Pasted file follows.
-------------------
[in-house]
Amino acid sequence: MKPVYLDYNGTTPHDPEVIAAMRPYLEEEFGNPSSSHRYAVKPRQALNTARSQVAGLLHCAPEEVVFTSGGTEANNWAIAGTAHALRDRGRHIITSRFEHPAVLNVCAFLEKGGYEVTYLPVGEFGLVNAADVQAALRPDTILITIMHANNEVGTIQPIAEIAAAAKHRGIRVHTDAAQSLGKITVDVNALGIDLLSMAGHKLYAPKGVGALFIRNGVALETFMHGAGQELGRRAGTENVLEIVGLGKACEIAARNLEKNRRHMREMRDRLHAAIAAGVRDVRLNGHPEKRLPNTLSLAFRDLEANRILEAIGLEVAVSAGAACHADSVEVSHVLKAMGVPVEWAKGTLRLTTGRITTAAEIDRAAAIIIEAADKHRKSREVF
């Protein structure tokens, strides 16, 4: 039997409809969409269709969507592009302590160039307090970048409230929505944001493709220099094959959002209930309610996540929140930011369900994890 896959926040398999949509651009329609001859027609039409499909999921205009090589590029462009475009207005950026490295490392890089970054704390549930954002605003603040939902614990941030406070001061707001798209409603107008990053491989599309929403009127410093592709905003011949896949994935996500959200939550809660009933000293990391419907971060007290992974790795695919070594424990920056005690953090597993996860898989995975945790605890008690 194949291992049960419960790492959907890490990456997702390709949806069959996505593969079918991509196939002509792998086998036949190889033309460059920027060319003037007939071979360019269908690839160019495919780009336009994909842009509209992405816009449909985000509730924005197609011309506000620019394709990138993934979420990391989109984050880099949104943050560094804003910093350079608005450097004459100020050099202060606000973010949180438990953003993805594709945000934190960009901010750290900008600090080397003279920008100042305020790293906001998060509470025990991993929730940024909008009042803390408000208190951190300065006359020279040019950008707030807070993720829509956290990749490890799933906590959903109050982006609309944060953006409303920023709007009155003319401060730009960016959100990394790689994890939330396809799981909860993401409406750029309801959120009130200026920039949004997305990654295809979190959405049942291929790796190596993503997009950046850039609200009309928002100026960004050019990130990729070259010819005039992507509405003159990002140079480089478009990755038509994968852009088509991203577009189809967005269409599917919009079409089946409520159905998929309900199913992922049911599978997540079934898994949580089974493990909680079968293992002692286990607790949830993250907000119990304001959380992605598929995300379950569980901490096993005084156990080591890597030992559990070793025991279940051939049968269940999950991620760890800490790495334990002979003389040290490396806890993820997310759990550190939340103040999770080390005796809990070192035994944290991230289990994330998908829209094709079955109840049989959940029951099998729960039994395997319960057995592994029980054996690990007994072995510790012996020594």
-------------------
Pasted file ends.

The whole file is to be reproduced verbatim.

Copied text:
[in-house]
Amino acid sequence: MKPVYLDYNGTTPHDPEVIAAMRPYLEEEFGNPSSSHRYAVKPRQALNTARSQVAGLLHCAPEEVVFTSGGTEANNWAIAGTAHALRDRGRHIITSRFEHPAVLNVCAFLEKGGYEVTYLPVGEFGLVNAADVQAALRPDTILITIMHANNEVGTIQPIAEIAAAAKHRGIRVHTDAAQSLGKITVDVNALGIDLLSMAGHKLYAPKGVGALFIRNGVALETFMHGAGQELGRRAGTENVLEIVGLGKACEIAARNLEKNRRHMREMRDRLHAAIAAGVRDVRLNGHPEKRLPNTLSLAFRDLEANRILEAIGLEVAVSAGAACHADSVEVSHVLKAMGVPVEWAKGTLRLTTGRITTAAEIDRAAAIIIEAADKHRKSREVF
């Protein structure tokens, strides 16, 4: 039997409809969409269709969507592009302590160039307090970048409230929505944001493709220099094959959002209930309610996540929140930011369900994890 896959926040398999949509651009329609001859027609039409499909999921205009090589590029462009475009207005950026490295490392890089970054704390549930954002605003603040939902614990941030406070001061707001798209409603107008990053491989599309929403009127410093592709905003011949896949994935996500959200939550809660009933000293990391419907971060007290992974790795695919070594424990920056005690953090597993996860898989995975945790605890008690 194949291992049960419960790492959907890490990456997702390709949806069959996505593969079918991509196939002509792998086998036949190889033309460059920027060319003037007939071979360019269908690839160019495919780009336009994909842009509209992405816009449909985000509730924005197609011309506000620019394709990138993934979420990391989109984050880099949104943050560094804003910093350079608005450097004459100020050099202060606000973010949180438990953003993805594709945000934190960009901010750290900008600090080397003279920008100042305020790293906001998060509470025990991993929730940024909008009042803390408000208190951190300065006359020279040019950008707030807070993720829509956290990749490890799933906590959903109050982006609309944060953006409303920023709007009155003319401060730009960016959100990394790689994890939330396809799981909860993401409406750029309801959120009130200026920039949004997305990654295809979190959405049942291929790796190596993503997009950046850039609200009309928002100026960004050019990130990729070259010819005039992507509405003159990002140079480089478009990755038509994968852009088509991203577009189809967005269409599917919009079409089946409520159905998929309900199913992922049911599978997540079934898994949580089974493990909680079968293992002692286990607790949830993250907000119990304001959380992605598929995300379950569980901490096993005084156990080591890597030992559990070793025991279940051939049968269940999950991620760890800490790495334990002979003389040290490396806890993820997310759990550190939340103040999770080390005796809990070192035994944290991230289990994330998908829209094709079955109840049989959940029951099998729960039994395997319960057995592994029980054996690990007994072995510790012996020594």